2) Frozen
3) Tins and packets
4) Dried (rice, beans, lentils etc)
5) Freeze dried (long term)

Of course all of these have their advantages and disadvantages but my thinking is that if you cover all bases it should iron out the weaknesses and provide decent protection.
Can't help you on the Freeze dried, but I'd like to suggest (#6) that you embrace some home preservation such as growing & dehydrating or vac packing. I've only recently taken to growing, but it's a handy skill to develop, just to be self sufficient in onions and garlic is nice and then having enough to (#7) trade with a neighbour for a few damsons or courgettes.
Having the wherewithal to make wine, beer and bread is another treasure, giving something else to trade in hard times
Also, (#8) think about constantly dipping in and using and rotating those stocks. It's good practice to occasionally cook those beans and dried stuff and tins. Adapt your diet now while it's still fun. Keep the family on board too, as I discovered quite late.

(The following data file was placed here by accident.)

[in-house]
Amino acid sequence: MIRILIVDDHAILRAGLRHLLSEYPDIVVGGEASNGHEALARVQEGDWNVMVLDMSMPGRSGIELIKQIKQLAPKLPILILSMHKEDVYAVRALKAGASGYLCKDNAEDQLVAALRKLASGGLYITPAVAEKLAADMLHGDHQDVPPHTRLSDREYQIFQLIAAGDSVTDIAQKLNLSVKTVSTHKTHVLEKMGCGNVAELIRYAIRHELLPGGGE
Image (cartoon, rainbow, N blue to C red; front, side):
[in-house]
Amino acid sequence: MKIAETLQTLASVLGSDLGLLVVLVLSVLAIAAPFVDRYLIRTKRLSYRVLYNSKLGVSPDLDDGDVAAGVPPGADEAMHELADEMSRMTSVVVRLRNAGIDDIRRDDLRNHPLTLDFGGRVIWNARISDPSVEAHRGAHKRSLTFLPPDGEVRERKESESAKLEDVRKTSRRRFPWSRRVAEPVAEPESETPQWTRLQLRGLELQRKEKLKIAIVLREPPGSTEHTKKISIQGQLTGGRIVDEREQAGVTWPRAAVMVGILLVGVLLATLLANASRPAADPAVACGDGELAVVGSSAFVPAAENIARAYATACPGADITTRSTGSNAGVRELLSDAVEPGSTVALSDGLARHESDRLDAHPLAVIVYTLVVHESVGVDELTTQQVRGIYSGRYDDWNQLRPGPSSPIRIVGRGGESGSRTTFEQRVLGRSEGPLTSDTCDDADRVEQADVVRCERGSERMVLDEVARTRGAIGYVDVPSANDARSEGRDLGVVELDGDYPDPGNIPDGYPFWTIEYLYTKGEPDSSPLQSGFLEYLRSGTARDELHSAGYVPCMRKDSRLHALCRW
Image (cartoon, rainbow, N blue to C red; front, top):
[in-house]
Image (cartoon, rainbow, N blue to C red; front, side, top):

(#9) Next stop, learn to catch and kill something. I'm not there yet, but some here have that sorted.
Thanks, some really great ideas there. Have you got a dehydrator and if so do you think that they are worth the investment? I brought one several years ago and tried to dehydrate some bananas but they ended up rock solid and inedible! I haven't tried it again since but it is up in the attic somewhere so maybe I should dig it out again. I have grown some potatoes in bags for the past few years and they turned out really well. Much more tasty than the ones from the shop.

hanhan
Posts: 15
Joined: Fri Sep 03, 2021 3:16 pm

Re: Freeze dried foods

Post by hanhan » Tue Sep 21, 2021 7:20 pm

hobo wrote:
Mon Sep 20, 2021 6:50 pm
Looked at Convar but think I’ll stick to dried in Mylar. Their ready meals don’t look all that healthy…
Don’t forget No. 6 on your list - grow your own!